Confucianism and Discontents: The Repertoire of Disobeying in Recent Taiwan's Protests

Tuesday, July 15, 2014: 5:30 PM
Room: 302
Oral Presentation
Maukuei CHANG , Academia Sinica, Taipei, Taiwan
Confucianism is like a buzzword for the discussion of East Asia cultures. And yet people disagree on whether Confucianism is just a kind of state ideology, promoted by elites, or actual civil culture prevails in ordinary life. The paper thinks that the two layers of Confucianism can co-exist intertwinedly. In one levle, where elite intellectuals are prominent, Confucianism exists as a body of systematic knowledge, philosophical ideas, and moral standard. In the civil level, it exists as if the underlying logic of people’s daily practices, with an emphasis on folk wisdom and practical rationale, helping people manage their interactions and actions in daily life.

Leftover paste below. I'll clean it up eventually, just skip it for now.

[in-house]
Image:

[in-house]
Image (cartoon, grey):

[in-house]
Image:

This paper will look at the relation between Confucianism, as state ideology and as civil belief, and the repertoire of protests.  By repertoire, follow Charles Tilly’s definition, an ensemble of contentious performances. This paper will study two particular kind of repertories that have public’s attention in recent social movements in Taiwan. One repertoire is Guibai or Kwotou, meaning to kneel down with one’s forehead touching on the ground, and the other is throwing objects, like eggs, animal wastes, and worn-off shoes at the high officials. Guibai and throwing objects all bring humiliation and embarrassment to the officials.  However, Guibai does not violate the traditional Confucianism’ notion of social order. How are the two possible reach the same meaning in protesting? How are their meanings being transformed in democracy and in the modern political system?

This paper will follow Tilly’s methods to document the trend of repertoire changes in past ten years in Taiwan.  I hope to demonstrate the repertoire changes can be understood in terms of rising discontents and the failure of institutional politics, and the ineptness of Confucianism to prescribe the norm in civil protests, and thus turned itself into political satire in streets.